Sri Ramana Maharshi
Words of Grace
Who am I ?
What is the Mind
If the mind, which is the instrument of knowledge and is the basis of all activity, subsides, the perception of the world as an objective reality ceases. Unless the illusory perception of the serpent in the rope ceases, the rope on which the illusion is formed is not perceived as such.4 Similarly, unless the illusory nature of the perception of the world as an objective reality ceases, the vision of the true nature of the Self, on which the illusion is formed, is not obtained.
The mind is a unique power (sakti) in the Atman whereby thoughts occur to one. On scrutiny as to what remains after eliminating all thoughts, it will be found that there is no such thing as mind apart from thought. So then, thoughts themselves constitute the mind.
Nor is there any such thing as the physical world apart from and independent of thought. In deep sleep there are no thoughts: nor is there the world. In the wakeful and dream states thoughts are present, and there is also the world. Just as the spider draws out the thread of the cobweb from within itself and withdraws it again into itself, in the same way the mind projects the world out of itself and absorbs it back into itself.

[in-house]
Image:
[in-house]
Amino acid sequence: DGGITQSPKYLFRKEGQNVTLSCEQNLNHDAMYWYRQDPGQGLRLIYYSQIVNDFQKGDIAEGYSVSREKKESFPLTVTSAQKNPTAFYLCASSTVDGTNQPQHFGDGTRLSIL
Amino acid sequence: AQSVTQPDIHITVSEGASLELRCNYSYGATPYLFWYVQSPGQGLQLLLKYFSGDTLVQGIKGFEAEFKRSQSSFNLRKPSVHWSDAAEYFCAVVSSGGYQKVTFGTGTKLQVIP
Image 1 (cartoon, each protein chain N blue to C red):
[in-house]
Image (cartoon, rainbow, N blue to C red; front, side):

The world is perceived as an apparent objective reality when the mind is externalized, thereby forsaking its identity with the Self. When the world is thus perceived, the true nature of the Self is not revealed: conversely, when the Self is realized, the world ceases to appear as an objective reality.
By a steady and continuous investigation into the nature of the mind, the mind is transformed into That to which the ‘I’ refers; and that is in fact the Self. Mind has necessarily to depend for its existence on something gross; it never subsists by itself. It is this mind that is otherwise called the subtle body, ego, jiva or soul.
That which arises in the physical body as ‘I’ is the mind. If one enquires whence the ‘I’ thought in the body arises in the first instance, it will be found that it is from hrdayam5 or the Heart. That is the source and stay of the mind. Or again, even if one merely continuously repeats to oneself inwardly ‘I-I’ with the entire mind fixed thereon, that also leads one to the same source.
4 This analogy is based on a traditional story of a man who sees a rope in the twilight and mistakes it for a serpent and is therefore afraid without cause.
5 The word ‘hrdayam’ consists of two syllables, ‘hrt’ and ‘ayam’, (centre-this) which signify ‘I am the Heart’.